Jeff Zandi is a four time pro tour veteran who has been playing Magic since 1994. Jeff is a level two DCI judge and has been judging everything from small local tournaments to pro tour events.

Jeff is from Coppell, Texas, a suburb of Dallas, where his upstairs game room has been the "Guildhall", the home of the Texas Guildmages, since the team formed in 1996. One of the original founders of the team, Jeff Zandi is the team's administrator, and is proud to continue the team's tradition of having players in every pro tour from the first event in 1996 to the present.



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Fifth Dawn Booster Draft Strategies
Messing Up Your Mana Base With Sunburst

by Jeff Zandi

Fifth Dawn, Magic: the Gathering's latest expansion, does more than simply
wrap up the artifact block begun last fall with Mirrodin. Thanks to the new
Sunburst mechanic, booster draft players are having to think about colored
mana in their decks in a whole new way. Before Fifth Dawn,
Mirrodin/Darksteel drafters barely concerned themselves with colored mana.
Often, half your deck was made of artifact cards that cared not at all with
what color mana you used to cast them. In Mirrodin/Darksteel, your deck
often looks like this: sixteen land, between ten and fifteen artifacts, and
between nine and fourteen colored cards with the colored cards split between
two colors (possibly a few cards of a third splash color). With Fifth Dawn
comes Sunburst, and with Sunburst comes the need to create as many different
colors of mana as possible.

Fifth Dawn introduces fifteen artifacts with Sunburst. Artifacts with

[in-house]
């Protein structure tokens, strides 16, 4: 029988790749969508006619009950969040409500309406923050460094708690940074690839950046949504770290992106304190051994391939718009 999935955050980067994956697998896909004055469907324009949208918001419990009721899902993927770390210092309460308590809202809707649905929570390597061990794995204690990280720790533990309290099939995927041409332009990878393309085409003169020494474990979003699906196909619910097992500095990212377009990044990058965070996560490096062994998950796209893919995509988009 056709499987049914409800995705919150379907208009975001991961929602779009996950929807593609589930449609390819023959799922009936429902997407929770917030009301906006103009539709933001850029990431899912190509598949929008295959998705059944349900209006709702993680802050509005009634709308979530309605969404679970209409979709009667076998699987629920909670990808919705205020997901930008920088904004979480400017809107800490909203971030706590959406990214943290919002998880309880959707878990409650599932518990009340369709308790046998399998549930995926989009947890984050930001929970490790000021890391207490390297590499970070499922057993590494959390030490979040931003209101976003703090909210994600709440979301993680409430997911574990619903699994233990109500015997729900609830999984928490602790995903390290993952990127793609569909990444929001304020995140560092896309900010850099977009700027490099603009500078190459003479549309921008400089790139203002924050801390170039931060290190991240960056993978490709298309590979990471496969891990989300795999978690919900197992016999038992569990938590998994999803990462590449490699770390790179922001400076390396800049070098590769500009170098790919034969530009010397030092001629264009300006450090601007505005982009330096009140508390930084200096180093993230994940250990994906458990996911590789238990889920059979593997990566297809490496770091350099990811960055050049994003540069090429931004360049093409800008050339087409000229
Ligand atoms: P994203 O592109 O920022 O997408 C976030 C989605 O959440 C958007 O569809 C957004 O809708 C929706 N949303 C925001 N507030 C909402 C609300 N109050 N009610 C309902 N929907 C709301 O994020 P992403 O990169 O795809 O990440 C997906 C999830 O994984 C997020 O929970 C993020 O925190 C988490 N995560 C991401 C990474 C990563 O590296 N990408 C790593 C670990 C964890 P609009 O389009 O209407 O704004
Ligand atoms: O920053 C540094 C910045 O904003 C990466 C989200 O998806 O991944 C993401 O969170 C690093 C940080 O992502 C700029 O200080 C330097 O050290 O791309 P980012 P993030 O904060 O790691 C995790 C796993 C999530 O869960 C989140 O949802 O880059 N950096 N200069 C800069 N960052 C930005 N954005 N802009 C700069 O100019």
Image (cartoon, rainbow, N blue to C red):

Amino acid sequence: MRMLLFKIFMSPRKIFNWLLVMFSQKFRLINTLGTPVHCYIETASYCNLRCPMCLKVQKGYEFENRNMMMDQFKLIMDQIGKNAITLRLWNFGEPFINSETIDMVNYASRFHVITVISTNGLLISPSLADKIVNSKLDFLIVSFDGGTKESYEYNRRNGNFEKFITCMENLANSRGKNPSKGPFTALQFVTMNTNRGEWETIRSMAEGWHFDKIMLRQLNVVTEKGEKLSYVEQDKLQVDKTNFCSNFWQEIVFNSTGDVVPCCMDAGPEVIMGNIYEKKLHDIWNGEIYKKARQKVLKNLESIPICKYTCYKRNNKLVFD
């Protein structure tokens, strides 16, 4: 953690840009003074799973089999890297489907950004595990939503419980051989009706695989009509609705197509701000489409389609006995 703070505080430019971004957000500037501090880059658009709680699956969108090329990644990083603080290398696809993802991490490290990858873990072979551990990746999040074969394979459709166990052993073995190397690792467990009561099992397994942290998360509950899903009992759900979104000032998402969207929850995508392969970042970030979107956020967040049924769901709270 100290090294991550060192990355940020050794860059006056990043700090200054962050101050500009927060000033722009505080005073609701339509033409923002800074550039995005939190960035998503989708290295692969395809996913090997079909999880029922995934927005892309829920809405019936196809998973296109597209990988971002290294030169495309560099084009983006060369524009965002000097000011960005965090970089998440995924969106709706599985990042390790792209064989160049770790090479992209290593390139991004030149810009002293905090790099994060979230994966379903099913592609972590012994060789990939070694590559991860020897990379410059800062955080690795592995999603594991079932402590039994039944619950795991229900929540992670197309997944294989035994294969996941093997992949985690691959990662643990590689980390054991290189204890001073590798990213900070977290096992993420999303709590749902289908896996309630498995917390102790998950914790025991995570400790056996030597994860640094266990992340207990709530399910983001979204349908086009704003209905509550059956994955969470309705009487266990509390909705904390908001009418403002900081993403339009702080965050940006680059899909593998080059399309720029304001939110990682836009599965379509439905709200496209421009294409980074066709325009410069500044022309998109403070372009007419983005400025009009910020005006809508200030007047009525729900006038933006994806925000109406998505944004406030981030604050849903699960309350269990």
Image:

Sunburst are almost "colored" artifacts, because they come into play with a
number of charge counters equal to the number of different colors of mana
you used to play them. It would be wrong to say that Fifth Dawn completely
invents the idea of "colored" artifacts. Artifacts like the various Golem
cards from Mirrodin and Darksteel certainly will play just fine in your deck
no matter what color mana you use to cast them, but they each have abilities
that can only be played with certain colors of mana. Pewter Golem is
powerful 4/2 regenerating creature if you have black mana to activate his
regeneration ability. Without black mana available to you, Pewter Golem is
probably a little overcosted for his usefulness. To a certain extent, Pewter
Golem and cards like him are "colored" artifacts. Sunburst takes the idea of
colored artifacts to much more of an extreme. Go ahead, play a Sunburst card
using only one color of mana. You won't be a happy camper. Doing so makes
Baton of Courage a three casting cost artifact that lets you give one
creature +1/+1 ONCE. Play Baton with three different colors of mana and you
get a very powerful card that can provide a needed +1/+1 burst of power
THREE DIFFERENT TIMES. I'm dying to see someone accidentally play a Sunburst
card with all colorless mana. Skyreach Manta, played with all colorless
mana, still costs five mana to cast, but comes into play as a 0/0 flying
creature and dies immediately (the card dies before you can do ANYTHING
about it).

In order to make the most of Sunburst cards in your Mirrodin/Darksteel/Fifth
Dawn draft decks, without completely wrecking your mana base, you have to
change your idea of how to assemble the land resources for your deck. But
don't worry, the change is very similar to one you learned to make when
Mirrodin first arrived. When you first started booster drafting Mirrodin, it
was amazing how liberated you felt. You could easily draft your first pack,
and sometimes most of your second pack before feeling like you absolutely